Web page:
Police in Mombasa are holding two Nation Media Group journalists for filming the construction of a hotel that has encroached into the Indian Ocean.
The Thursday arrests were supervised by a senior police officer from Bamburi police station.
NTV senior Coast cameraman Karim Rajan and Daily Nation photographer Laban Walloga were arrested while on official duty in Shanzu, Mombasa.
The hotel is associated with a top government official.
The two were with a Daily Nation reporter Winnie Atieno who managed to escape an attack by the workers.
According to a video footage taken by Ms Atieno, the workers are seen mishandling Mr Rajan and Mr Walloga before confiscating their gadgets.
The workers later fight Mr Rajan who was trying to stop them from grabbing his gadgets.
Mombasa police commander Johnston Ipara said: "I do not want to be involved in that issue."
Sources said the order for the arrest of the came from "above".
The Nation Media Group has demanded the immediate release of the journalists.
NMG Editor-in-Chief Tom Mshindi termed the arrest unacceptable "in this time and era".
"It is wrong for police to arrest journalists going about their duty following purported orders from some powerful individuals," Mr Mshindi said.
He said the NMG will make a formal complaint to the police.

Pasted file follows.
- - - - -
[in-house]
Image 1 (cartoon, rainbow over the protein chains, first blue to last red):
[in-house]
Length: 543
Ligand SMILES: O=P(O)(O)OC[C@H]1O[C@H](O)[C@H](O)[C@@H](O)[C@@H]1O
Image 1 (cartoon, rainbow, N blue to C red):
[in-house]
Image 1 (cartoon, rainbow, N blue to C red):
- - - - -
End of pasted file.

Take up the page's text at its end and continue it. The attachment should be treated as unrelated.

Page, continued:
Haki Africa executive director Hussein Khalid also condemned the arrest.
"Haki Africa strongly condemns and is shocked by the alleged assault and detainment. Haki Africa wishes to categorically state that there is no private beach in Kenya," Mr Khalid said.
Mr Khalid demanded for immediate and unconditional release of Mr Rajan and Mr Walloga and subsequent arrest of those behind the incident.
Further, the Media Council of Kenya also termed the incident a threat media freedom.
Deputy chief executive and programmes manager Victor Bwire SAID: "We have just received a report that the journalists have been arrested but we are following up the matter.
"We condemn the act because it is unacceptable to assault and arbitrary arrest someone without informing them their mistakes," he said.
"If they felt the journalists broke the law, they should file a formal complain to the Media Council of Kenya so that the matter can be investigated and action taken."
He said journalists, like all Kenyans, have a right to protection and that in cases where aggrieved parties feel offended, they should follow formal procedures, including filing a case in court.